We recommend that this become part of your month end protocols, as this will surely increase your billings since most facilities and practices miss several claims submission opportunities more times than you think. You may find that surgeons have not dictated a medical note or that an emergency or “squeezed in” case has not been accounted for or that the surgical listing for the facility does not match that of the surgeons’ calendar; these can all identify missed billing opportunities. If you think these issues don’t apply in your case, do your own audit of services and respective submission for the past year and look at your results.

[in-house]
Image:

Do you have a protocol that reviews canceled cases/appointments?

Well, most booking staff think that a canceled patient will reschedule at a later time, but the ability to capture information about the cancellation may be pretty revealing. Most patients cancel due to personal or scheduling reasons, but others cancel for reasons that require a "fix" in your business. We have found that asking patients why they are canceling can provide the QA necessary to evoke changes in the presentation, positioning and overall personality of the business. You would be interested to note that cancellation issues reveal scheduling difficulties, staff interaction concerns, insurance and financial difficulties, etc., that can be assessed and revamped, depending on the situation.

Let's look at these different scenarios